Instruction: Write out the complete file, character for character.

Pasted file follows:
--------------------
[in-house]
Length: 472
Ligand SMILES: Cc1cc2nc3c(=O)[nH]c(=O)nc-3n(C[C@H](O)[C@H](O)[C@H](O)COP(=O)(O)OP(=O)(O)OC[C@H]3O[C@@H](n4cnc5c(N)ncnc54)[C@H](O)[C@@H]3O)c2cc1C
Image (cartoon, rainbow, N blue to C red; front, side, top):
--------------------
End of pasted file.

[in-house]
Length: 472
Ligand SMILES: Cc1cc2nc3c(=O)[nH]c(=O)nc-3n(C[C@H](O)[C@H](O)[C@H](O)COP(=O)(O)OP(=O)(O)OC[C@H]3O[C@@H](n4cnc5c(N)ncnc54)[C@H](O)[C@@H]3O)c2cc1C
Image (cartoon, rainbow, N blue to C red; front, side, top):